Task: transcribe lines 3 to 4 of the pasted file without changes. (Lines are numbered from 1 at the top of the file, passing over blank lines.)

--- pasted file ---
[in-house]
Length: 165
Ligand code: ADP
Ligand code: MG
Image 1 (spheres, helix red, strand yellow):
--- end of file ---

Ligand code: ADP
Ligand code: MG